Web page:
Assemblymember O’Donnell Introduces Legislation to Ease the Supply Chain Crisis in California

For immediate release:

(SACRAMENTO) Assemblymember Patrick O’Donnell is leading a multipronged effort to strengthen our state’s strained supply chain. O’Donnell has introduced a resolution declaring a supply chain crisis in California and legislation to help the state’s ports cope with the increased volume of imports that has led to long delays, particularly at the Port of Los Angeles and Port of Long Beach.

“With high levels of container cargo shipments expected for the foreseeable future, it’s vital that we address one of the most obvious areas of congestion in our supply chain—the lack of sufficient truck chassis. If we can’t efficiently move containers at our ports, the whole system will continue to be impacted.”

Truck chassis are the trailers that trucks use to move containers.

“We simply need more truck chassis. With growing worldwide demand, it makes sense that California creates the solution here at home, to not only keep our economy moving, but also create good manufacturing jobs at the same time.”

AB 2227 would establish a tax credit of up to 6 percent for manufacturers of truck chassis built in California.

This legislation was introduced to coincide with California Ports Day, a day of outreach to California leaders on the importance of California’s ports and the enormous role they fill in the nation’s intermodal supply chain.

“The pandemic-induced global disruptions to the intermodal supply chain have resulted in a crisis which has negatively impacted the health, safety, environment, and economy of the State of California,” said John McLaurin, President of the Pacific Merchant Shipping Association (PMSA).  “We are committed to continue to work hard with Assemblyman O’Donnell and his colleagues to tackle these challenges, address the crisis, and find creative ways to make California’s ports and supply chains more resilient, efficient, and effective.”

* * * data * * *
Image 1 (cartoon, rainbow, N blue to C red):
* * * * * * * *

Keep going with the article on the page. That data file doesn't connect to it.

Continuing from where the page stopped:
“On behalf of the California Association of Port Authorities, I’m proud to support these important initiatives that will help get goods moving across the supply chain,” said Danny Wan, CAPA President and Port of Oakland Executive Director. “Home to our nation’s three largest container ports and responsible for handling 38% of containerized imports in the nation, California Ports play a critical role in our state and nation’s economy.”

ACR 140, also introduced by O’Donnell, officially designates the congested supply chain for imported and exported goods as a crisis which requires a multi-faceted and proactive response.


Assemblymember Patrick O’Donnell (D-Long Beach) chairs the Assembly Select Committees on Ports and Goods Movement. He represents both the Ports of Los Angeles and Long Beach in Assembly District 70 which includes the communities of Long Beach, Signal Hill, San Pedro and Catalina Island.